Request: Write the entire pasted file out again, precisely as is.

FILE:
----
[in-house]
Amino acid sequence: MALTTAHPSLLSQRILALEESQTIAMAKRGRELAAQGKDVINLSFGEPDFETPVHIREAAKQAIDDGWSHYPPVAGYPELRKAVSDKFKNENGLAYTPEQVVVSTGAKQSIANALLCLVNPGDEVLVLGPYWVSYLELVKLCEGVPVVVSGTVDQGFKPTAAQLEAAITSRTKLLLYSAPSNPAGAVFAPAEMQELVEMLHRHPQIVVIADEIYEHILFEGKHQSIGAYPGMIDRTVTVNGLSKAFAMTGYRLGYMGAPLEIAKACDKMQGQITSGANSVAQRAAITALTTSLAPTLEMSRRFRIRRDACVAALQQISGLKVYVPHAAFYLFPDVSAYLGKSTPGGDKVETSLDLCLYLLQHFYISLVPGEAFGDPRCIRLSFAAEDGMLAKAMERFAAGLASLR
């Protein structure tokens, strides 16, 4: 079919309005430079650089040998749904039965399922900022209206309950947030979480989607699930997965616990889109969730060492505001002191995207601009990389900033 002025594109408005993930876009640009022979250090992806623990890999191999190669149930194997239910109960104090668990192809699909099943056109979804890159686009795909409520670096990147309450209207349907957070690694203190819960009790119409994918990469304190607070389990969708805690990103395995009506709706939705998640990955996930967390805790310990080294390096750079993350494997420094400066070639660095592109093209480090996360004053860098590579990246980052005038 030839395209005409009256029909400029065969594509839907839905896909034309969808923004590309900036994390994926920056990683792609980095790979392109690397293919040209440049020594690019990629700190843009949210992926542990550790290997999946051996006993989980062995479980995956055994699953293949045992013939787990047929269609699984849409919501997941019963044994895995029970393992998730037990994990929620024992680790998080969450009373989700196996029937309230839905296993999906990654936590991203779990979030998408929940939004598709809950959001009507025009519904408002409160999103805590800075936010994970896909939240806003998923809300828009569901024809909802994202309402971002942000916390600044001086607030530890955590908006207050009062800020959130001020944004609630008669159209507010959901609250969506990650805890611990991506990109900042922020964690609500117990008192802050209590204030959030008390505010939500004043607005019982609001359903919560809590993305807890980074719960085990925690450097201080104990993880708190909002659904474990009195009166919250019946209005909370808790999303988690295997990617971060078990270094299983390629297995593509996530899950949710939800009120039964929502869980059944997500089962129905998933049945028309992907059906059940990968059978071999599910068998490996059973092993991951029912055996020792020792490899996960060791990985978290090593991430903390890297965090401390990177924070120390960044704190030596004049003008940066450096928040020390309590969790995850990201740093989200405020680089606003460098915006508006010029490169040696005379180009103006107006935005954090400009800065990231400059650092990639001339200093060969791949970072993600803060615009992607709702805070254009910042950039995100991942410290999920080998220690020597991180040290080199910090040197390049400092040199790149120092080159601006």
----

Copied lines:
[in-house]
Amino acid sequence: MALTTAHPSLLSQRILALEESQTIAMAKRGRELAAQGKDVINLSFGEPDFETPVHIREAAKQAIDDGWSHYPPVAGYPELRKAVSDKFKNENGLAYTPEQVVVSTGAKQSIANALLCLVNPGDEVLVLGPYWVSYLELVKLCEGVPVVVSGTVDQGFKPTAAQLEAAITSRTKLLLYSAPSNPAGAVFAPAEMQELVEMLHRHPQIVVIADEIYEHILFEGKHQSIGAYPGMIDRTVTVNGLSKAFAMTGYRLGYMGAPLEIAKACDKMQGQITSGANSVAQRAAITALTTSLAPTLEMSRRFRIRRDACVAALQQISGLKVYVPHAAFYLFPDVSAYLGKSTPGGDKVETSLDLCLYLLQHFYISLVPGEAFGDPRCIRLSFAAEDGMLAKAMERFAAGLASLR
């Protein structure tokens, strides 16, 4: 079919309005430079650089040998749904039965399922900022209206309950947030979480989607699930997965616990889109969730060492505001002191995207601009990389900033 002025594109408005993930876009640009022979250090992806623990890999191999190669149930194997239910109960104090668990192809699909099943056109979804890159686009795909409520670096990147309450209207349907957070690694203190819960009790119409994918990469304190607070389990969708805690990103395995009506709706939705998640990955996930967390805790310990080294390096750079993350494997420094400066070639660095592109093209480090996360004053860098590579990246980052005038 030839395209005409009256029909400029065969594509839907839905896909034309969808923004590309900036994390994926920056990683792609980095790979392109690397293919040209440049020594690019990629700190843009949210992926542990550790290997999946051996006993989980062995479980995956055994699953293949045992013939787990047929269609699984849409919501997941019963044994895995029970393992998730037990994990929620024992680790998080969450009373989700196996029937309230839905296993999906990654936590991203779990979030998408929940939004598709809950959001009507025009519904408002409160999103805590800075936010994970896909939240806003998923809300828009569901024809909802994202309402971002942000916390600044001086607030530890955590908006207050009062800020959130001020944004609630008669159209507010959901609250969506990650805890611990991506990109900042922020964690609500117990008192802050209590204030959030008390505010939500004043607005019982609001359903919560809590993305807890980074719960085990925690450097201080104990993880708190909002659904474990009195009166919250019946209005909370808790999303988690295997990617971060078990270094299983390629297995593509996530899950949710939800009120039964929502869980059944997500089962129905998933049945028309992907059906059940990968059978071999599910068998490996059973092993991951029912055996020792020792490899996960060791990985978290090593991430903390890297965090401390990177924070120390960044704190030596004049003008940066450096928040020390309590969790995850990201740093989200405020680089606003460098915006508006010029490169040696005379180009103006107006935005954090400009800065990231400059650092990639001339200093060969791949970072993600803060615009992607709702805070254009910042950039995100991942410290999920080998220690020597991180040290080199910090040197390049400092040199790149120092080159601006």